Grammar at Gallipoli, a 100 year commemoration of Old Boys at Gallipoli showcases the incredible stories of the 174 BGS Old Boys who were present at the ANZAC landings at Gallipoli. The 95-page book, is a product of endless hours of work by a committee of students and staff, which pays tribute to each of those brave men, including the 28 who were killed at the landing. It tells stories of the boys' life at BGS, their journey overseas, and battles of the Gallipoli campaign. Scores of moving photographs sourced from the Australian War Memorial, Powerhouse Museum, The State Library, and our own archives accompany the equally moving text.
Order your copy here: http://bit.ly/1HP6WaH Cost: $25, including postage
BGS' Gallipoli story
THIS year marks the centenary of the Gallipoli landings in 1915. This important event in Australia's history is one that we at BGS share both as fellow citizens and, in a more direct sense, as custodians of the memory of those Old Boys who participated.
The connection with our school community is strong. More than 170 of our Old Boys served at Gallipoli. It was the first major campaign of World War One that our boys fought in. It was a campaign that brought home the reality of war as the casualty list mounted. It was the melancholy duty of the third BGS Headmaster, Mr Bousfield, to read out the names of those boys wounded, missing or killed in action. There were great tales of heroism, but also tales of horror and sadness.
In total, 1020 Old Boys enlisted and served in the Great War. In a small school where the enrolment never rose above 300 that figure is quite remarkable. Of those 1020 men 178 Old Boys and Masters died. At Gallipoli 28 of our Old Boys were to die. It is those boys who will be the main focus of a special commemorative book, Grammar at Gallipoli. The following stories are a taste of what has been collected.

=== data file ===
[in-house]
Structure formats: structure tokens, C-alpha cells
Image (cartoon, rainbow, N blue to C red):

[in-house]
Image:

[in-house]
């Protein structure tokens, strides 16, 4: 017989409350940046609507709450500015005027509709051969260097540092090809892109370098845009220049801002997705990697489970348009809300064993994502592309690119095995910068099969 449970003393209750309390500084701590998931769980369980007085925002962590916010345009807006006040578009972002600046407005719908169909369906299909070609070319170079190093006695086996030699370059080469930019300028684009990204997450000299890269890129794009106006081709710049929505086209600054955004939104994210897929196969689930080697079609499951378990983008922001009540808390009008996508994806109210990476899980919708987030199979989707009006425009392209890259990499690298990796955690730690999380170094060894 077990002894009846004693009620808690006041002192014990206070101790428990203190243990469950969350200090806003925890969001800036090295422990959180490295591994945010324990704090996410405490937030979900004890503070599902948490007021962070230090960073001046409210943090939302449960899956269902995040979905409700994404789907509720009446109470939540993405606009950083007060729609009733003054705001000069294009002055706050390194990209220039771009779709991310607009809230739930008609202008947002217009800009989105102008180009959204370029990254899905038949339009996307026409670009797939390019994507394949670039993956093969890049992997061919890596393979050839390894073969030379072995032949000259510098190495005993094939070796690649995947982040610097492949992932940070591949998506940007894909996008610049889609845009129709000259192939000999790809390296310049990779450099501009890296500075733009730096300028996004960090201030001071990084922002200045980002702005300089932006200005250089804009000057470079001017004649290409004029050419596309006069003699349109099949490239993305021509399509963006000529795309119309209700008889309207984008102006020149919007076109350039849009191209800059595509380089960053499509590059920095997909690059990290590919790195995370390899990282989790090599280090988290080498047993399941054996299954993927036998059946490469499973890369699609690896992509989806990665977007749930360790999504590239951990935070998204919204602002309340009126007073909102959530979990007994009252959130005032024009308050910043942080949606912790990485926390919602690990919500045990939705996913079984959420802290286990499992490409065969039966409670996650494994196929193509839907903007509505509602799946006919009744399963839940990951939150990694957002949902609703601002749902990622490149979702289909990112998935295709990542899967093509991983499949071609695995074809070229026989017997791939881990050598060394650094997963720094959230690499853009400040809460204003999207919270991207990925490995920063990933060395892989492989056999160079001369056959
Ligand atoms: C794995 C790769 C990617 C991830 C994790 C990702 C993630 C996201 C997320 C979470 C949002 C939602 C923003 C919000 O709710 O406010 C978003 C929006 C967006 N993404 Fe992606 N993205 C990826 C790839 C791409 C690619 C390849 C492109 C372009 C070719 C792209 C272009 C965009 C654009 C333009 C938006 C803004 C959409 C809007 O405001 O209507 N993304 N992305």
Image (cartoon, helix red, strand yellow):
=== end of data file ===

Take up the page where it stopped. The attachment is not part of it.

Many of our Old Boys enlisted in the 9th Battalion at Enoggera and were in the Gallipoli landing at 4.30am, April 25. It was at the landing that nine Old Boys were killed. Among them was 20-year-old Tommy Ford. He had played in BGS First XV Rugby only two years before, and was in the first wave on the beach. Bravely carrying full kit and rifle and under Turkish fire, he scrambled up the steep cliffs of Anzac Cove. An hour later he had made it a mile inland, only to be cut down by the Turkish counter-attack soon after dawn. His body was never recovered.
Like Ford, the promise of youth was taken from Ray Shirley. The BGS Magazine in 1915 reported that Shirley 'the famous tennis player, has been seen chasing two Turks with a bayonet! We feel sure he enjoyed it, because before he left Brisbane, he told us that he enjoyed a good scrap'. As it transpired, he had been killed at the landing. A BGS classmate, James Atkinson, who was later killed in action in France in 1918, said he last saw Shirley during the charge up until midday. He had stopped for a rest and never saw him again. His father thought him to be a prisoner in Constantinople, and like many had to suffer the long wait to confirm his son's fate.
The direct encounters with the enemy proved the bravery of our boys. When Tom Robertson was instructed by a Turk officer 'Surrender you are prisoners', Lieutenant Robertson replied 'Prisoners be damned! Let them have it boys'.
A further 145 boys fought in the campaign and they too will be acknowledged in Grammar at Gallipoli, with a full list of their service. Twenty-one of those boys who survived went on to fight on the western front or in Egypt and lose their lives. Such was the enthusiasm to enlist that Sam Hawkins managed to sign-up when he was only 17. Colin Drane, too, signed up 11 days before his 18th birthday, and served at Gallipoli with his brother Claude. In total, 17 teenagers, not much older than our Year 12s, fought in the Dardanelles.
Ninety-nine years ago we remembered our Old Boys by building an honour board in the Great Hall. Ninety-one years ago we built the War Memorial Library. This year we will capture their stories in print in Grammar at Gallipoli, along with a rededication of our memorials, and our usual services in the week leading up to ANZAC Day.
Order your copy of Grammar at Gallipoli here: http://bit.ly/1HP6WaH